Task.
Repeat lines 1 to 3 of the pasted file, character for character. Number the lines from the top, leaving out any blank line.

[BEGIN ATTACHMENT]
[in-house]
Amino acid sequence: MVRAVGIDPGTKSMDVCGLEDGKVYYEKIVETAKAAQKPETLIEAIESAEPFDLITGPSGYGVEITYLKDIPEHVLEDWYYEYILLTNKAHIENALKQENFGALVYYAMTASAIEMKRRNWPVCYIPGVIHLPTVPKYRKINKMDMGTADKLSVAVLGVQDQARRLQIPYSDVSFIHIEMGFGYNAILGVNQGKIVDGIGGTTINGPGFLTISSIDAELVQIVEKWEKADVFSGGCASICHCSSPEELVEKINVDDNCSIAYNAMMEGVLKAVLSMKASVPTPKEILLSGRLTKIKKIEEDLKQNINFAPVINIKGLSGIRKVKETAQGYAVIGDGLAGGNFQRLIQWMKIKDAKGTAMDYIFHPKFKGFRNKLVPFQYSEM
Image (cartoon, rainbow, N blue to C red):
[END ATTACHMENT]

[in-house]
Amino acid sequence: MVRAVGIDPGTKSMDVCGLEDGKVYYEKIVETAKAAQKPETLIEAIESAEPFDLITGPSGYGVEITYLKDIPEHVLEDWYYEYILLTNKAHIENALKQENFGALVYYAMTASAIEMKRRNWPVCYIPGVIHLPTVPKYRKINKMDMGTADKLSVAVLGVQDQARRLQIPYSDVSFIHIEMGFGYNAILGVNQGKIVDGIGGTTINGPGFLTISSIDAELVQIVEKWEKADVFSGGCASICHCSSPEELVEKINVDDNCSIAYNAMMEGVLKAVLSMKASVPTPKEILLSGRLTKIKKIEEDLKQNINFAPVINIKGLSGIRKVKETAQGYAVIGDGLAGGNFQRLIQWMKIKDAKGTAMDYIFHPKFKGFRNKLVPFQYSEM
Image (cartoon, rainbow, N blue to C red):